On May 3rd, the Connecticut FY23 budget passed in the General Assembly.

The CTCSA is excited to share that this year’s budget includes funding increases for charters and meets many of the key demands our Association and coalition partners had set out to achieve.

We are grateful to our legislative supporters, who have worked tirelessly to move the needle toward equity for public charter schools and their students in the FY23 budget adjustment. Our budget wins include:

  • Nearly $5 million in new funding for public charter schools, including:
    • Funding for New Seats at Existing Charter Schools. This money will directly open up 132 new seats at the existing charter schools that had applied for seat and grade growth through SDE last year. We are excited for the many opportunities this will present to students at three high performing charter schools.
    • Accelerated Timeline for Charter Schools to Receive Weighted Funding. This year’s budget included an accelerated timeline for charter schools to receive the previously approved increase to weighted funding. This adjustment ensures the phase in period for charters is at parity with district schools and will make available the increased weighted funding by 2028, three years sooner than previously adopted. This means schools will receive an increase in per pupil funding depending on their demographic populations.
    • Internet Program for Public Charter Schools. Over a three year period, $911,195 will be invested in improving charter school internet connectivity.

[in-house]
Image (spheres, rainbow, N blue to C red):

• $75 Million Grant for Air Quality Improvements for Public Schools. State officials heard our calls and amended the bill to ensure charter schools will also have access to this pot of funding for key infrastructure repairs! In addition to the facilities bonding funds received by one school earlier this year, this is the first state facilities funding made available to public charter schools since 2018.

We are disappointed in the legislature’s failure to pass HB5283, which would have ensured all public school students regardless of zip code and public school type receive equitable, need-based funding. Despite this setback, we are proud of the support we’ve built for HB5283 over the past few years and grateful for the leadership of Rep. Jeff Currey, Rep. Antonio Felipe and every one of the 52 total cosponsors from both sides of the political spectrum. This broad coalition of legislative support advanced the bill out of both the Education and Appropriations Committees. CTCSA looks forward to working with our coalition of communities across the state, public schools of all types, and state officials to ensure we break down barriers for all students and make Connecticut a more just and equitable place for our children to grow up by seeing through the passage of this critical piece of legislation.

We are also disheartened that Danbury’s charter school has once again been excluded from the state budget. Year after year, Danbury families have advocated for the much needed school, which would provide more seats to an overcrowded district. Yet again, we have seen their local leaders choose politics over students and families.

We want to thank all of YOU – families, students, teachers, community members, and school leaders who have joined forces to advocate for students across Connecticut. While we have much work to do and know this fight will be long, we feel grateful for the legislative relationships we’ve built and the continued momentum we feel each year as we advocate for our students and families.